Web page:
The components of the dog fMRI olfactory imaging system are shown in Fig. 2. First, the dogs were trained to insert and keep their heads as still as possible inside the human knee coil when being scanned (Fig. 2(A)). This was achieved by positive reinforcement training techniques using a target stick and bridging stimulus (i.e., clicker) for head placement maintained by delivery of edible treats for emission of desired responses. Second, a custom-built odor applicator was used for controlled delivery of odorant stimulus (Fig. 2(B)). Third, the scanner system consisted of a 3T Siemens Verio scanner and a human knee coil which perfectly fit into the role of a dog head coil. Fourth, an optical head motion tracking system was employed for tracking dog head motion during fMRI (Fig. 2(B), (C)), and consisted of an infrared (IR) camera, an IR illuminator, a video monitor, and a data recording palmtop. We declare that the person in the photograph has given written informed consent, as outlined in the PLOS consent form, to publication of their photograph. A schematic of the interlinking and triggering among them is shown in Fig. 3. Finally, post-processing of functional data was performed with SPM8 (statistical parametric mapping) [28].

Figure 2. Components of the dog fMRI olfactory imaging system.

(A) dog training to insert and keep their heads as still as possible inside the human knee coil using positive reinforcement learning (a black dog can be seen inside the coil); (B) components of imaging system outside the MRI room showing odorant applicator, air tank, motion parameter recording palmtop, video monitor, laptop with VT-8 software (see explanation in “Methods and Material: olfactory stimulus device”), and the entrance port to the MRI room; (C) components of imaging system inside the MRI room, showing human knee coil, infrared camera and infrared radiator.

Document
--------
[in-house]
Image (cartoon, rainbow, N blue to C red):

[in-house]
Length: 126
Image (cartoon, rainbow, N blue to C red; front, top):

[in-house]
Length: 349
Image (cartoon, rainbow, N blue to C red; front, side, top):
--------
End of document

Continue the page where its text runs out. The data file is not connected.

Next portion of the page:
Figure 3. The interlinked trigger system.

Arrows denote the triggering direction. A laptop with VT-8 software [35] provided the interface to trigger the odorant applicator. The VT-8 software is a platform that can be used to design and display sequence of odorant flow and clearance, and provides communication and control to odorant applicator to generate the expected experimental sequence. Once the odorant applicator started to give odorant stimulus, it sent a signal to the trigger synchronizer, which then triggered the scanner and sent a signal to the manual trigger. The manual trigger, as the name suggests, was manually set for switching between two states. One was waiting for signals from trigger synchronizer, and the other was waiting for signal from a hand-pressed button. In our experiment, the first state was used for data collection and the second was used only for testing. Upon receiving the signal, it triggered the infrared radiation transmitter to give off infrared rays, and the infrared camera to start recording infrared reflections from the dog's head, and the motion parameter recording palmtop to start calculating displacement parameters. When the camera was triggered, it sent the signal to the monitor for display.

Dog Training and Preparation

We recruited six Labrador Retriever dogs (five males) from the Auburn University Canine Detection Research Institute with ages in the range of 12 to 60 months. For anesthetized imaging, dogs were sedated with intramuscularly administered xylazine (2.2 mg/kg) and lightly anesthetized with ketamine HCl (11 mg/kg). For awake imaging, the dogs were trained to move to the correct position within the scanner, insert their heads within a human knee coil, and remain still for the required duration of imaging using positive reinforcement behavior shaping procedures.